Production in Voice Over Auditions: How Complex Does it Need to Be?
For many voice talent, interpreting a script isn’t a problem… it’s wondering what else to include in the recorded audition!
There are some key considerations to keep in mind for your recordings. What you submit for an audition is actually quite different from a demo in terms of how ‘produced’ the end product is.
Auditions: Dry Voice or Full Production?
Recording your voice for an audition is one thing, but adding tracks with music and sound effects as a way of learning the art of production, is another.
It’s important to know that it is not recommended that your audition contain any production elements (e.g. music or sound effects), as the audition needs to highlight your vocal ability only.
Here’s what you need to know about the difference between ‘dry voice,’ and ‘full-production,’ including when it’s best to use each.
Voice Over Auditions: Dry Voice is Best
The term “dry voice” is the industry’s way of saying an unadulterated sound. When you are required to record a dry voice track, all you should be doing is providing your read, nothing more. That means no music, no sound effects, no effects on your voice… you get the picture. When you audition, you should be supplying a dry read. The reason is simple, it’s 100% you.
Voice Over Demos: Full Production is Best
Adding music and effects to your voice over track is a completely different animal. Whenever something is produced, it means that production elements were used, such as music, sound effects and so on. Usually in this instance, you are multi-track recording and might have a separate track set aside for your voice with an array of tracks for music beds, sound effects and the like.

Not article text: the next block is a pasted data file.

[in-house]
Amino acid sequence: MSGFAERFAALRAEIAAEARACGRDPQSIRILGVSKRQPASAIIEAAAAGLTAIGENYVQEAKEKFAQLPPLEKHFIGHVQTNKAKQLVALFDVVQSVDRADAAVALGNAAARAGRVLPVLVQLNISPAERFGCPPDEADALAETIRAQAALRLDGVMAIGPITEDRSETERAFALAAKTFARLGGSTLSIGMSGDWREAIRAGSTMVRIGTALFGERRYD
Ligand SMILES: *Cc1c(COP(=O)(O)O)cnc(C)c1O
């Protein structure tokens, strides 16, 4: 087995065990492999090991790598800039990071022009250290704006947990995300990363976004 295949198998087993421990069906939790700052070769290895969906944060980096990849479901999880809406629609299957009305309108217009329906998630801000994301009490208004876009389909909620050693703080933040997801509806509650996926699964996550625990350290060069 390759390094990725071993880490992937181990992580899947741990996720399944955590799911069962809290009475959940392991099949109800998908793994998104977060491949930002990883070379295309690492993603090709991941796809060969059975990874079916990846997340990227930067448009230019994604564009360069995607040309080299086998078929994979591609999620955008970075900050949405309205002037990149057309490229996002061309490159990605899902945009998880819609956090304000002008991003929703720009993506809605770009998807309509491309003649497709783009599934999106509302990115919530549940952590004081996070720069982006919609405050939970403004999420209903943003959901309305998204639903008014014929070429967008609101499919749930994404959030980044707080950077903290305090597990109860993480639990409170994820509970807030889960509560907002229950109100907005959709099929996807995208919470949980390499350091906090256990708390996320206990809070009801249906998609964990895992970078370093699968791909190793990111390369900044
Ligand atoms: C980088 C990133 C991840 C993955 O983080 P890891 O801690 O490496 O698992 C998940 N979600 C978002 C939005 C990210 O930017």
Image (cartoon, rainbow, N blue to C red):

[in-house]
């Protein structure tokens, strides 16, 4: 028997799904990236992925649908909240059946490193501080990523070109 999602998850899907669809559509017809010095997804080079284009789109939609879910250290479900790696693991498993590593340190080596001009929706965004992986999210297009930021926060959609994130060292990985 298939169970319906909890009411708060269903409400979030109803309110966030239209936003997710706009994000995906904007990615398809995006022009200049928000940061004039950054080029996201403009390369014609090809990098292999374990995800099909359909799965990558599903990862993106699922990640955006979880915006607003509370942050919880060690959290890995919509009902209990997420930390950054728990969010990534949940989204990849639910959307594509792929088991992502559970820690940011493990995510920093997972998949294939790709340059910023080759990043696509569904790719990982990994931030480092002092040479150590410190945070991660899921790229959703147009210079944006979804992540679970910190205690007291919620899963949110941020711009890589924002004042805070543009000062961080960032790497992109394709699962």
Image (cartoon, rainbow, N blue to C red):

If you’re having fun with production and you’ve created an amazing track that highlights your vocal skills, you might consider using this as one of your demos. And if you’re interested in building the best online voice over profile out there, we have resources for that too – like this post on How to Create a Great Voices.com Profile.
As a rule of thumb, whether you decide to do dry voice exclusively (for auditions and demos) or dabble in production, always make sure that your vocal choices with regard to interpretation are unique and demonstrate how you would best serve the client.
What’s Your Auditioning Style?
How do you approach the audition process? We’d love to hear what has worked well for you, including how you tackle auditions and demos differently!
Personally I only provide dry voice. From my experience most sound engineers request no effects, as after you’ve provided the recording they will final mix with the client. Recording dry voice also means you have nothing to hide. Using effects to mask a voice’s lack of ability or poor acoustic installation won’t keep you in the business for long. Arguably unless you’ve been specifically asked to ‘boost’ your voice then don’t do it!– Marc
Your auditions not only gives a sample of your artistic abilities, it also gives a sample of your audio quality. If you produce or mask your audition, subsequently land the gig and are asked to submit the final recording dry, then what? As a seeker or sound engineer I would feel deceived.
Basically, if you feel the need to make-up your auditions in order to compete, then you have a problem somewhere you need to fix instead. Don’t add EQ if your mic sounds too thin, get a better mic instead. Don’t add noise gating if your audio has noise, or are having acoustical problems, fix the noise or the acoustical problems instead– Jacob
Join the conversation in the comments below.
Looking forward to hearing from you,
P.S. Thanks for Elizabeth Webb Sosner for the inspiration to write this post.